34 responses to “O is for Ovidiu (Ovidius)

  1. There was this piece of music that I practiced when I was younger. Something called Metamorphoses after Ovid. Something like that…

  2. Interesting. The only Latin poem I remember from school turns out to be written by Catullus. Sue

  3. I suffered with Ovid at school.

  4. Practices passionately pursued become habits. ~~ Ovid
    That seems rather apt for this challenge:)

  5. Great post, Sylvia. I knew nothing much about Ovid,except the time in which he lived, and that his name is frequently found in crossword puzzles.
    Now I need to read more!

  6. I have read Metamorphoses, but remember little. Thanks for the lesson on Ovid! I will check out the book link. Happy Thursday, Denise

  7. You share this information in a very accessible format. I don’t know Latin and not familiar with Ovid but at least now I know more than I did yesterday

  8. I love your posts because you always cover a topic just enough, and yet make it interesting enough that you inspire me to learn more. Thanks for that.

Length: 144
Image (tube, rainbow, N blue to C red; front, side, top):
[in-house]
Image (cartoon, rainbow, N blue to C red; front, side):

Deb@ http://debioneille.blogspot.com

  9. I know the name Ovid the poet, but have never read anything. Interesting post–thanks!

  10. Hello Silvia, heading over from the #azchat I read a bit of Ovid’s Metamorphoses at University but that’s about it. This is a great post and I am very glad to find your blog. I blog at
    The Book Drifter

    Drifting Traveller

    Looking forward to connecting more with you soon.

  11. I didn’t know how much he influenced other writers. Another great post!

  12. I just knew about the name and him being a roman poet…nice post. We came to visit from the #AZChallenge ….hello from http://www.bayessence.com

  13. that doesnt really sound like fluff. thanks for dropping by the chat!